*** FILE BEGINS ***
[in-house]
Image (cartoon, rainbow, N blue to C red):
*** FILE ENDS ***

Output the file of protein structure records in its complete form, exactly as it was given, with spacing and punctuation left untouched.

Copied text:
[in-house]
Image (cartoon, rainbow, N blue to C red):